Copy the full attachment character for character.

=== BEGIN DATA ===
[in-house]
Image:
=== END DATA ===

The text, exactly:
[in-house]
Image: